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Earn Your Own Attention

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Earn Your Own Attention

Ask my parents, and they’ll tell you I couldn’t even sit through a ten-page picture book as a kid. My brother-in-law, on the other hand, was reading 1,000 page novels by the first grade.

But just because I didn't inherit the innate attention my brother-in-law has doesn’t mean I’m incapable of staying focused.

If you haven’t already, go read Alison Gopnik’s article on WSJ. The bottom line: the idea of innate talent is a farce, and you’ve probably bought the lie.

This is dangerous, and Gopnik explains why:

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I am not naturally disposed to pay attention for more than a few minutes— but my fate is not sealed, and neither is yours. Our ability to stay focused might not be “innate,” but we can earn our attention. Through discipline and hard work you can grow in your ability to stay focused. This might mean taking time to pray or meditate, or maybe taking off the headphones while you work. It might mean taking time to sit in silence, or turning off that incessant smartphone. 

Your attention, your focus, your success is at stake. Do the hard things, whatever they may be, to earn your attention.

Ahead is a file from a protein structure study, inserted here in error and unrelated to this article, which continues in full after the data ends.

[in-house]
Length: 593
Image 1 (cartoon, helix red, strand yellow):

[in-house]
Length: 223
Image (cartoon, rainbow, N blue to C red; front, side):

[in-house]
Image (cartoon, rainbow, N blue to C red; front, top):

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Are You Brave Enough To Be Bored?

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Are You Brave Enough To Be Bored?

The group known as New Tech City has a project going called “Bored and Brilliant: The Lost Art of Spacing Out.”  Their goal is simple: they want to help you get off your smart phone for just enough time to actually foster some reflection. The research they’re doing is so valuable that it’s worth you staying on your smart phone a little longer so you can look it up.

You should listen to this quote of theirs from Johnny Smallwood, professor of cognitive science at the University of York, in London.

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You heard the doctor: the escape your devices give you from the annoying discomforts of boredom isn’t free—it’s bought with your creative potential, your intellectual insight, and your vision for the future.

That’s a hefty cost for momentary satisfaction. 

photo credit:
Wesley Fryer

 

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